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(Reuters) -The women’s ice hockey world championships set to be played in Halifax and Truro, Nova Scotia have been cancelled because of a surge in COVID-19 cases in Canada, Hockey Canada said on Wednesday.

The announcement came one day before the 10 teams were to arrive to begin their quarantine ahead of the May 6-16 tournament.

“This is very disappointing news to receive with just a few weeks until the tournament was to begin,” said International Ice Hockey Federation president Rene Fasel in a statement.

“We strongly believe that we had the adequate safety measures in place. In the end, we must accept the decision of the government.”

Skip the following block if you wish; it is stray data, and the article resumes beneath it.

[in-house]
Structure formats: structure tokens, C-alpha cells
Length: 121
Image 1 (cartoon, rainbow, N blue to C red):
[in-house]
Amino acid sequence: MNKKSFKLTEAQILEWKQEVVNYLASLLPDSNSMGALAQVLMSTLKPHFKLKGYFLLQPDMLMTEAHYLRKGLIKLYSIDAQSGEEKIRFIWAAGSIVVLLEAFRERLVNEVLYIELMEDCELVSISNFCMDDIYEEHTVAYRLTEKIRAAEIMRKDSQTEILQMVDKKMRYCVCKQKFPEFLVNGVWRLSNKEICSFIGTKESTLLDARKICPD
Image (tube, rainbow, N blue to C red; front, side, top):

The IIHF and Hockey Canada were informed by the Nova Scotia provincial government on Wednesday that the 10-country tournament could not go ahead due to safety concerns associated with COVID-19.

Still the news came as a shock after Nova Scotia’s chief medical officer had 24 hours earlier given the event the thumbs- up.

“At five o’clock this morning we were full go and at 7:30 am we were not,” explained Hockey Canada chief executive officer Tom Renney. “That is the way the world is right now and there is only so much we can control.

“At the end of the day there is a bigger game than the one we play here and quite honestly it is about the safety of the general public.”

The cancellation was another blow for the women’s game that has endured a number of recent setbacks, including the folding of the Canadian Women’s Hockey League.

It was also the second consecutive year the Nova Scotia world championships have been stopped by COVID-19.